Anttimo Bennett

As the College Dreams Luncheon draws closer, we would like to introduce the master of ceremonies Anttimo Bennett – an SEA alumni who first connected with SEA eight years ago to prepare for his GED. Today, he is in the Master’s of Public Administration program at Seattle University while raising his four beautiful kids. Read on to find out how his college dreams became a reality.

Anttimo D. Bennett, Sr. was born November 30, 1981 in Seattle, WA.  Although a ward of the state, he has been blessed with the nurture and support of an extended and loving family, his mother Alanna James, his father Anthony Bennett and his great aunt and uncle Mr. & Mrs. Michael and Camelia Melonson; who raised him.

After receiving his GED, Anttimo went on to pursue his education with the love and support from Seattle Education Access. He received his AA Degree from Shoreline Community College in 2005, and then transferred to the University of Washington where he graduated in 2009 with two Bachelors Degrees in Social Welfare and American Ethnic Studies.  He served two terms on the UW Board of Directors with his final term serving as Student Body President. He is now pursuing his MPA at Seattle University.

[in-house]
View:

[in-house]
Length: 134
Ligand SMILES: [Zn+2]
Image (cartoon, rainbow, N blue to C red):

Anttimo has been blessed to be the father of four beautiful children, his daughter Caedyn Janece and three sons, Elijah Jamil, Anttimo Deshaun Jr. and Ahsan David.  Along with fatherhood, he works for Group Health Cooperative as an Analytical Assistant and is also a certified varsity official with the Pacific Northwest Basketball Officials Association (PNBOA). Anttimo is also a licensed preacher at the Greater Mt. Baker Missionary Baptist Church and received his license to preach on August 4, 2013.

The College Dreams Luncheon will take place on September 10th at the Westin in downtown Seattle. The SEA community will come together to show their support of SEA’s cause – to help low income students overcome poverty and adversity through the power of education.